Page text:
Goodbye Tigard, Hello Hazelbrook

Tigard’s associate principal, Lisa Dailey, will be leaving Tigard High School at the end of the year to start her new position as principal of Hazelbrook Middle School.


Meileen Arroyo

Assistant Principal Lisa Dailey heads to Hazelbrook Middle School to be their new principal. She only has a few lunch duties remaining with fellow assistant principal, Scott Hadden.

By Meileen Arroyo, Staff Writer

     Starting July 1, 2020 Tigard High’s current associate principal, Lisa Dailey, will be taking the principal position at Hazelbrook Middle School. 

     This school year is Dailey’s third year working at Tigard. As associate principal, some of her roles include: working on the master schedule for next year, hiring candidates, visiting teachers and giving them feedback, sharing discipline and management information and working with counselors.

     Dailey shares a deeper connection to Hazelbrook Middle School than students may think, she was a former student at Hazelbrook during the second year they opened in 1992. After many years, Dailey will be returning to the same school she attended when she was a kid, but now she will hold the title of principal.

     “It was all shiny and new when I went there. During that time, I had a really rough childhood and [my family] had just moved from LA. The staff really made me feel welcomed. I felt kind of out of place because moving from LA was a huge culture shock and [the] family demographics [were] so much different than what I was used to in California,” Dailey said. “The staff made sure my transition into high school was smooth and [that] I had everything that I needed. I think that’s what’s so near and dear about it. I get to give back to the community and make sure kids who have the non-traditional household have everything they need.” 

     Obtaining the position was a complex, tiring, and intense process. The whole process consisted of three stages: a video recording, in-person interview and a community meeting. 

     “Now for every position [the district] hires there are three questions that we have to record ourselves [answering]. You have about two minutes to respond and we only have two tries,” Dailey said. “If you don’t like your first response you can redo it, but after that it sends [automatically]. One [example] of a question is: how has traditional education failed people of color and how can it be changed?” 

     The second round consisted of a typical 45-minute panel interview with various members of the TTSD board like Director of Secondary Education and College & Career Amber Fields, Human Resources Director Debbie Ebert, administrators from around the district and teachers. 

     The final round was made up of different meetings that were split into two parts. 

     “The first [part] of the third round was [a meeting] with the instructional coach. Then I met with some kids which was so fun,” Dailey said. “[For] the second part, I met with a really large group of teachers and a group of parents. Then I had to meet with the superintendent. This was all in one day; it was [around] three hours.”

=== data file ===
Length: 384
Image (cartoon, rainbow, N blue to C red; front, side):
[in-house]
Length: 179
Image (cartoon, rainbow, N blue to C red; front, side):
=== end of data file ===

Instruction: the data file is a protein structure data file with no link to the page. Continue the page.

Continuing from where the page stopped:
After countless meetings and interviews, Dailey finally received the news at an unexpected time. 

     “Director [Fields] is amazing. She came to my doorstep at nine o’clock at night with roses. I was so tired from everything that it didn’t register with me. She made the announcement to me and said that [the district] would like to officially offer [the position] to me.”

     According to the Oregon statewide 2020-21 report card, there has been a variety of women in educational leadership throughout the years. “Among staff reported as principals, 54 percent were women, a slight increase from the 2017-18 and 2018-19 school years” (Gill, 12). The percentage of female principals has only increased by 3 percent since 2016. Looking even deeper at the district level state-wide, 31 percent of superintendent positions are held by women while the percentage of teachers that are women, 71 percent, stays steady through the past four school years. Locally, Dailey will be the only female secondary principal in TTSD currently. Dailey touches on the subject of the gender gap in education leadership at TTSD. 

     “I had two female principals growing up so I was able to experience that female leadership, but if we’re just looking at secondary today in our district it is lacking. We have a lot of women leaders at the district level,” Dailey said. “I think there is a gap but it’s improving. I think staff too are asking for a more diverse group of leadership.” 

     As we reach the end of the school year, Dailey looks back on the things she will miss most about Tigard High School.

     “[I will miss] the people. When I worked at the district office for a year [as a] TOSA and I [would] serve all of the schools, Tigard felt so welcoming and homey. When I started here I understood why,” Dailey said. “It was because the teachers [and staff] look after each other and their kids. [There are] systems in place to make sure that we can focus on our student’s needs and not just [their academics]. I’m going to miss [that].” 

      It’s time to say: Goodbye Tigard and hello Hazelbrook.